OAKLAND — An Oakland resident raises literacy rates in Oakland public schools, where standardized tests show that only about a third of students read at the classroom level.
Long before she became a teacher, principal, or founder of a nonprofit, Sabrina “Bri” Moore was hiding a secret.
“It’s like being in prison,” said Moore.
She could read sentences, but not really understand them.
“I didn’t get to the part where I was reading to learn until I was 30,” said Moore.
She was working for AT&T in sales at the time, and her manager wanted to give her a promotion.
“At one point I threw a huge tantrum and said, ‘I can’t read!'” Moore recalled. “And she said, ‘What?'”
That manager helped Moore turn a new page in her life.
“She worked with me every day after work. She bought a dictionary, a thesaurus; she taught me to read,” Moore said.
At her manager’s urging, Moore went to college — today she’s Dr. Sabrina Moore. She received her doctorate in education from Cal State East Bay.
And in 2019, Moore founded an East Oakland-based non-profit literacy organization for students of color called 3Ls for Literacy, Leadership, and Liberation.
“As long as I’m alive and kids can’t read, I’ll do this job,” she said.
Moore’s nonprofit works with about 60 students, their families, teachers and principals in four schools in the Sobrante Park neighborhood. It includes Madison Park Primary and Upper, Lodestar and Lionel Wilson.
Students attend free tutoring, virtual reading labs, and homework club for transition kindergarten to 12th grade. Saturday mornings are family reading days with their parents.
“There’s something about the magic and energy of watching kids read,” Moore explained.
She said every third through fifth grader who went through the program progressed to grade level reading in 90 days.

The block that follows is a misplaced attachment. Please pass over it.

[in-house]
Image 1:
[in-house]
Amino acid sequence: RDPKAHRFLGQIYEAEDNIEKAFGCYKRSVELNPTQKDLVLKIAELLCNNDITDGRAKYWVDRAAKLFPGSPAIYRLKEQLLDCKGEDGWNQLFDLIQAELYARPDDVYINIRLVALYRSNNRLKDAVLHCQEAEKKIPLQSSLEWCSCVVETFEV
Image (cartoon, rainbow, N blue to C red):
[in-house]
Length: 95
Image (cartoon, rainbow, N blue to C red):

And six in ten of all 3Ls students are now reading at or above grade level.
Josue Payes, a third grader, worked with teachers such as Dr. Moore’s sister who is a teacher. His mother, Kenya Payes, is delighted with his progress.
“We read the Bible every night and he’s got his Bible up to par,” Payes said. “Now he can read to us instead of us, so I’m super excited about that.”
And Irene Garcia credits Dr. Moore for the big change in her third grade son, Dominic Ramos, who fell behind in virtual kindergarten early in the pandemic.
‘An angel. Great,” Garcia said of Moore.
Then, turning to her son, Garcia added, “Even if he can send a message and I can message back and knowing that he can fully understand, that’s huge for us.”
The sense of accomplishment is also huge for Dr. Moore.
Her own mother had encouraged her to love reading as a child. But she was killed before she saw the success in Dr. Moore’s adult years. Moore’s nonprofit organization, 3Ls, is a love letter to her mother.
“I think she’d say, ‘Breena, I’m so proud of you. Breena, you did it,” said Moore.
So, for teaching students literacy through 3Ls, this week’s Jefferson Award in the Bay Area goes to Dr. Sabrina Moore.
Scholarships and private donations fund 3Ls, and the paid teachers have other full-time teaching jobs.
Dr. Moore said 3Ls plans to partner with schools in Oakland’s Elmhurst neighborhood next.